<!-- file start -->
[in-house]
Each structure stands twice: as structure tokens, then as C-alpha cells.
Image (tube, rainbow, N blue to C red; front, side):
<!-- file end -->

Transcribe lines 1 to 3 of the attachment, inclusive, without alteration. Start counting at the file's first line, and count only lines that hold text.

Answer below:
[in-house]
Each structure stands twice: as structure tokens, then as C-alpha cells.
Image (tube, rainbow, N blue to C red; front, side):